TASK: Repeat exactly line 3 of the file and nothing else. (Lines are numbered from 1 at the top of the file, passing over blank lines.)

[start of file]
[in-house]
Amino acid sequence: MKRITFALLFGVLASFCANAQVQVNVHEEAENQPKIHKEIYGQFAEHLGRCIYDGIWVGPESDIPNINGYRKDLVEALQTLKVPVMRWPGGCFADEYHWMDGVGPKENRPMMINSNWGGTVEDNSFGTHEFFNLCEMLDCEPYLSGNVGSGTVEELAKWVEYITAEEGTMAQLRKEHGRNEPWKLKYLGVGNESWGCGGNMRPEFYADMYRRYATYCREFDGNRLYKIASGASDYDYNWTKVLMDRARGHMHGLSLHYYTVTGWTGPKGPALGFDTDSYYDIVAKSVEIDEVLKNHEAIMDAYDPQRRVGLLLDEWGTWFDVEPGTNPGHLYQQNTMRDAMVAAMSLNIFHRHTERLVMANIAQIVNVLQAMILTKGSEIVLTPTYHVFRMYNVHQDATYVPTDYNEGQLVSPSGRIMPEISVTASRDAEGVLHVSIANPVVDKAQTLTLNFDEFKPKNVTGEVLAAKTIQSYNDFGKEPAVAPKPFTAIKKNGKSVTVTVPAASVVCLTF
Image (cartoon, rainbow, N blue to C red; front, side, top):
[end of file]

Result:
Image (cartoon, rainbow, N blue to C red; front, side, top):